Combustion Models

rangebeaverMechanics

Feb 22, 2014 (3 years and 3 months ago)

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Combustion Modeling

in
FLUENT

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Outline


Applications


Overview of Combustion Modeling Capabilities


Chemical Kinetics


Gas Phase Combustion Models


Discrete Phase Models


Pollutant Models


Combustion Simulation Guidelines

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Applications


Wide range of homogeneous
and heterogeneous reacting
flows


Furnaces


Boilers


Process heaters


Gas turbines


Rocket engines


Predictions of:


Flow field and mixing
characteristics


Temperature field


Species concentrations


Particulates and pollutants


Temperature in a gas furnace

CO
2

mass fraction

Stream function

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Aspects of Combustion Modeling

Dispersed Phase Models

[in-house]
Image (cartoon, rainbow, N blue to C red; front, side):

Droplet/particle dynamics

Heterogeneous reaction

Devolatilization

Evaporation

Governing Transport Equations

Mass

Momentum (turbulence)

Energy

Chemical Species

Combustion Models

Premixed

Partially premixed

Nonpremixed

Pollutant Models

Radiative Heat Transfer Models

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Gas phase combustion


Generalized finite rate formulation (Magnussen model)


Conserved scalar PDF model (one and two mixture fractions)


Laminar flamelet model (
V5
)


Zimont model (
V5
)


Discrete phase model


Turbulent particle dispersion


Stochastic tracking


Particle cloud model (
V5
)


Pulverized coal and oil spray combustion submodels



Radiation models: DTRM, P
-
1, Rosseland and Discrete Ordinates (
V5
)


Turbulence models:
k
-

, RNG
k
-

, RSM, Realizable
k
-


(
V5
) and LES (
V5
)


Pollutant models: NO
x

with reburn chemistry (
V5
) and soot